Show information courtesy of corpsreps.com
The show opens with the horns spread out in a large open block rectangle. The guard is spread out in front of the block in a wing shape. Drums are up front and start the show with the pit. Snares and tenors trade off and march around each other while playing tom drums on the front side line, a gimmick from earlier in the 2000s. Horns start backfield, then turn front with dischordant stabs. Pit plays tons of runs before all of this resolves into the Pegasus statement and a major park and blow, which gets the crowd going. Horns turn backfield again while the pit plays a riff before the next segment of the opener, the Space Chord. Horns are in a diagonal line across the field, which the drums march in, around, and through. After the drums pass through, the horns in that segment of the line start making the line wave. The space chord resolves into a major statement, but the crowd barely has time to recover before the drums begin their feature. A lot of body movement is incorporated into the feature, which a portion of the hornline joins. Sixteenth note runs from the horns lead into a major pit accelarando. The guard is all on rifles at this point and is tossing all over the place. Horns turn backfield again and restate the Pegasus theme before turning back front and finishing the piece in a similar manner to “Day Danse” from the ’94 show, complete with the drums high sticking in different patterns to add visual flair. Guard changes uniforms, going from very dark to white in the female section, with more shades of blue on the males.
Second piece opens with the pit, while the horns scatter and form up in pairs before they enter. This piece is very much like a chorale, slow with quiet dignity, although the pit has more runs in the background. The guard spends a lot of time in a group doing dance, but the second half features flags, while one of the women has blue shaded wings (’80s BD) and one of the men has a streamer (also ’80s BD). One last Pegasus quote from the tubas before transitioning to the third section of the show. The horns play backfield, still in chorale mode, while the drums, double-timing across the back of the field, play a lot of notes subtly. Horns turn back forward and play a fanfare before moving into the meat of the third section. Volume comes back down and, with tasteful playing by the pit, slowly builds to a hit. Drums are up front again, moving across the field and preparing to return to the tom rack. The toms lead into the final segment of the show, The Kiss, which the corps milks for all it’s worth. The horns arc around the field, forming a block rectangle as they prepare for the main statement of the piece, then peel off from the formation from front to back, forming giant wings on the field as the guard wears large double flags of white wings. Horns collapse into a pod on the 50 and crank out the ending, complete with an Amen chord progression.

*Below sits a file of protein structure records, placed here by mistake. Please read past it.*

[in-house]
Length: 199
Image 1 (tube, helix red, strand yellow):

Final impressions – I have a confession: I spent most of 2007 HATING this show. I thought the book was not meaty enough for the scores the corps received and, anytime I downloaded an APD, I would just listen to the show once and move on.
Then I got the Quarters APD, the studio recording made close to the end of the season, and the Finals CDs. Now, when I look at my iTunes play count, this show is at or near the top of the list. I don’t know what changed my mind, but the sound the horns put out is one of the most balanced and in-tune sounds I’ve heard from a drum corps. The energy, even during the soft sections of the show, is intense and never lets up from beginning to end. Nobody under BD was able to step up and match them during Championship week and I have no argument with the 1st place results.